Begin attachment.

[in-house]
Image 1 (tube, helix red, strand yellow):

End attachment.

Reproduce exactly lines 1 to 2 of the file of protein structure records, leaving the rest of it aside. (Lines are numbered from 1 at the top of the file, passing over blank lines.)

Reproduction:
[in-house]
Image 1 (tube, helix red, strand yellow):